Topekans say ‘NO MORE’ during annual week without violence

October is a busy month. It is the month that celebrates Halloween, homecoming and fall break. Not only is October breast cancer awareness month, but also domestic violence awareness month.

Domestic violence is a pattern of controlling behavior. It sometimes includes physical abuse, sexual abuse and almost always includes some kind of emotional or verbal abuse. It can be all of those things working together in a pattern to keep somebody controlled, trapped and hurt.

The 2010 National Intimate Partner and Sexual Violence Survey found that 1 in 3 women and 1 in 10 men have been affected by rape, physical violence and/or stalking by a partner, which are all forms of domestic violence.

“We know that domestic violence happens in all sorts of populations, we know that it effects teens, college students, young adults, people who are older and everybody in between,” said Laura Burton, public education coordinator at the YWCA Center for Safety and Empowerment. “So we know that it’s an issue on campus at Washburn because it is an issue for every campus in the nation. People who are college age students (18-24) are pretty high risk for sexual assault and dating violence and we want to talk about these issues, making sure people understand the warning signs and understand what they can do to help when they see something happening.”

To promote domestic violence awareness month, the YWCA and Blue Cross and Blue Shield of Kansas is holding its 19th annual Week Without Violence. The theme for this week is NO MORE: together we can end domestic violence and sexual assault.

As explained on the national campaign website: “NO MORE is a simple idea with the power to unleash new, major attention to the fact that there are people all around us who are hurt—directly or indirectly—by domestic violence and sexual assault.”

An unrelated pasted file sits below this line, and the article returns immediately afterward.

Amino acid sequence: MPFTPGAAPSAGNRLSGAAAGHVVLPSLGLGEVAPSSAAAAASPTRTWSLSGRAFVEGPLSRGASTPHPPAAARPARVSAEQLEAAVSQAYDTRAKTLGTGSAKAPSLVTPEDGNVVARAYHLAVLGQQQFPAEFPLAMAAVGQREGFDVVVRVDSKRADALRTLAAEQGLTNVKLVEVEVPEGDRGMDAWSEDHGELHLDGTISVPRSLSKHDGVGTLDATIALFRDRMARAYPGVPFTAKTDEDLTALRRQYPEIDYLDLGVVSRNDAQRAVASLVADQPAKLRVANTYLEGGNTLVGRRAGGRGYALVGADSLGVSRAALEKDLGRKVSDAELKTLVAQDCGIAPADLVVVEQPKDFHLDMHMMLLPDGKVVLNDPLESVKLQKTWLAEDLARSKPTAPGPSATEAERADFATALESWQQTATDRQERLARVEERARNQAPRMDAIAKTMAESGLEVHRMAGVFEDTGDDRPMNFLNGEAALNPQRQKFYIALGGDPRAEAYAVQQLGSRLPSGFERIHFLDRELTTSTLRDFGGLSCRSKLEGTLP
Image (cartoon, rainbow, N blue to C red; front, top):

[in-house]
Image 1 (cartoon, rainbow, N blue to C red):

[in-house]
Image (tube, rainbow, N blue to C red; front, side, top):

“The idea is that we need to make sure that violence stops and that we need to prevent violence and we need to send a message that it’s not okay. So the no more campaign and the no more symbol was designed to increase visibility of the issue and have one this one big unified campaign that everybody around the country was using,” said Burton.

The YWCA has been tabling all week until Thursday in Memorial Union during lunch to raise awareness of the issue. Students can drop by the booth to get information about the NO MORE campaign, get photos taken to submit to the national NO MORE gallery and learn about local resources for survivors of domestic and sexual violence.

There will also be a film screening of “Forbidden Voices: How to Start a Revolution with a Computer” Wednesday, Oct. 16 in the Washburn University Memorial Union Vogel Room from 7 p.m. to 9 p.m.

The film features the famous bloggers, Yoani Sanchez, Zeng Jinyan, and Farnaz Seifi, who aren’t afraid of the dictatorial regimes in their respective home countries of Cuba, China and Iran.

“It’s really just a story about women coming together to make changes and to make powerful social changes, which we think is a great message for the week without violence,” said Burton.

Students can also participate in the March to End Domestic Violence at noon Friday, Oct. 18 at the Kansas Capitol Building. Participants will travel through downtown and have free hot dog lunch and take part in action stations to learn how to stay involved. The march will take place rain or shine and will end at YWCA.

The YWCA Center for Safety Empowerment has many services including a 24-hour crisis helpline, emergency shelter, individual counseling, support groups, court advocacy, prevention programming and batterer’s intervention to help those who are experiencing or have experienced domestic violence.

“When we talk about domestic violence, we talk about women a lot because those are primary victims, but we also want people to know that anytime somebody is trying to control somebody or use physical or sexual abuse against someone that behavior is not okay and it is not acceptable,” said Burton.